• 12. Primary Care Workforce Medical Workforce in Australia (AIHW, 2012)  Average age of employed medical practitioners was 46.0 years with 37.9% being women  Age distribution is uneven with 51.8% women in 20-34 year age group but only 13.8% in the 75 and older age group  There were 221 (0.3%) Aboriginal or Torres Strait Islander employed medical practitioners reflecting a significant under-representation of Aboriginal people in the health workforce and there were14,022 Aboriginal health professionals overall (1.81% of all health professionals).
  • 13. Primary Care Workforce Medical Workforce in Australia (AIHW, 2012)  Overall supply of clinicians (involved in diagnosis, care and treatment rose from 323.2 FTE per 100,000 population in 2008 to 355.6 FTE in 2012 (10% change)  But the supply of general practitioners only increased from 109.1 FTE per 100,000 population in 2008 to 111.8 FTE per 100,000 pop. in 2012 (2.5% change)
  • 14. Employment settings of clinicians Primary Care Workforce 0 10 20 30 40 50 Hospitals Group Private Practice Solo Private Practice Community Health Care Education Other % Employed % Employed
  • 15. Health Workforce 2025 (HWA, 2012) key findings were:  A sufficient number of medical specialists is projected but not in the communities that need them  There is a growing trend towards specialisation and sub-specialisation, which means Australia does not have enough generalists.  It is projected there will be a geographic maldistribution for general practitioners (GPs) and a number of other medical specialties, with a shortage in rural and remote communities and too many in metropolitan areas. Primary Care Workforce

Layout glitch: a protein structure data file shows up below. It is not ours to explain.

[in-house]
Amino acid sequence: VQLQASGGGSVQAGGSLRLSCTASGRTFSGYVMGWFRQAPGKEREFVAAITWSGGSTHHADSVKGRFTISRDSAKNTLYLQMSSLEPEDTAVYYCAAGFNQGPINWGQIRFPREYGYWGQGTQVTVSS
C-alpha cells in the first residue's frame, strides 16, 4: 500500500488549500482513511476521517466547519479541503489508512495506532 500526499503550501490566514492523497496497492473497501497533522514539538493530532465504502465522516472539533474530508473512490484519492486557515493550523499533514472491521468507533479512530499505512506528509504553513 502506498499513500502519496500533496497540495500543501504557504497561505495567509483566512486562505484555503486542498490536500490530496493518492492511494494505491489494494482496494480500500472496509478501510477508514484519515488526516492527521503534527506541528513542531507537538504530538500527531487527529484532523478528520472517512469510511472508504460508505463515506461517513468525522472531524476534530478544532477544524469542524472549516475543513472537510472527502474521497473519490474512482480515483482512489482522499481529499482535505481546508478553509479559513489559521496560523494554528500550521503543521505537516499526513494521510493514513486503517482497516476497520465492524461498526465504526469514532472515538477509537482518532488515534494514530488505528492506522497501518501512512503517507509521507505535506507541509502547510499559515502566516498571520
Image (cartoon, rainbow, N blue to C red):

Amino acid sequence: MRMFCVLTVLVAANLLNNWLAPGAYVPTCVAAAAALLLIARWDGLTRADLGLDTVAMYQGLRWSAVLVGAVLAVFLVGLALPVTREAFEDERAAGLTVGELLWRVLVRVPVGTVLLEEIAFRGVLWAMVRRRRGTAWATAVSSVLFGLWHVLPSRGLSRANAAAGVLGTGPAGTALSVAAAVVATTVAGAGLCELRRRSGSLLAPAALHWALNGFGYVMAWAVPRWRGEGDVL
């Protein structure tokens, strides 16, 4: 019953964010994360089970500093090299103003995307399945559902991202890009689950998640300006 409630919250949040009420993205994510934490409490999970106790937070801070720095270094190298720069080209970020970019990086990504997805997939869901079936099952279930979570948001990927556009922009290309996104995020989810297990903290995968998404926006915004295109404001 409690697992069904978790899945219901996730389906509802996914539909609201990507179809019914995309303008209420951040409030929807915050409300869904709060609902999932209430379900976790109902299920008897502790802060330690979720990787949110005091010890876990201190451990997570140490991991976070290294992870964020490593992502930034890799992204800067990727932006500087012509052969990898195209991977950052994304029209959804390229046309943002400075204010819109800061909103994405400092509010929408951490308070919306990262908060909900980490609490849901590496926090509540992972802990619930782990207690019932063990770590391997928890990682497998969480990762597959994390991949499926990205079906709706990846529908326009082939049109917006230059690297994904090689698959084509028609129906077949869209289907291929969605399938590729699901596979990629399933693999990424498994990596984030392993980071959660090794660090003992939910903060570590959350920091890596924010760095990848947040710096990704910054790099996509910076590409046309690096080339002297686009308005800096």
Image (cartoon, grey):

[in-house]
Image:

• 16. Geographic maldistribution of general practitioners (GPs) raises a number of issues  Mason review recommends a modification of the ASGC- RA (remote areas) to a ‘modified Monash Model’ giving recognition to smaller communities (population <15,000) that are more vulnerable to workforce pressures discriminating between large and small towns in bands RA 2 & 3 while retaining the current RA 4 & 5 areas.  Mason review also recommends broadening the settings for the return of service obligation to include rural and remote areas in the Bonded Medical Places scheme, including Aboriginal Medical Services & defence force facilities. Primary Care Workforce
  • 17. Health Workforce 2025 (HWA, 2012) key findings were:  The medical training pathway were poorly coordinated, which contributed to:  An uneven distribution of numbers between specialties.  Lost opportunities to address issues around geographic distribution and promote a better balance between generalist, specialist and sub-specialist training.  The Mason Review identified a lack of a clear pathway from undergraduate rural training into employment as a rural doctor. It identified the missing link as the lack of availability of rurally-based internership positions through which rurally trained medical students can transition directly to vocational GP training. Primary Care Workforce
  • 18. Primary Care Workforce General Practice Workforce Statistics NATIONAL FIGURES 2012-13 2003-04 % Increase Head Count (a) 30,681 22,949 34% FTE 18,398 14,246 29% FWE 22,087 16,872 31% Total Services (b) ['000] 132,399 100,340 32%